David Boaz observes that the slippery slope from economic planning to political repression appears to be getting a bit more slippery thanks to the idea of attaching conditions to an automaker bailout:
The bill currently bars the car companies from pursuing lawsuits against
and other states trying to implement tougher tailpipe emissions standards. Jonathan Cohn of the California suggests taking that concept further and requiring General Motors to fire a vice chairman who has expressed skepticism about the catastrophic effects of global warming. New Republic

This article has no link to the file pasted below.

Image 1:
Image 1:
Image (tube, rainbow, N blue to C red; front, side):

This ought to scare any genuine liberal. Congress is going to use our money to censor political dissent? Usually libertarians warn that if you take government money, you’ll eventually find yourself subject to government restrictions on your freedoms. In this case, there’s no phase-in, no “eventually.” Congress wants to tell private companies, private individuals, that once they take government money, they will shut up and toe the government’s line.
If economics isn’t a good enough reason to oppose this bailout, preserving independent thought ought to be.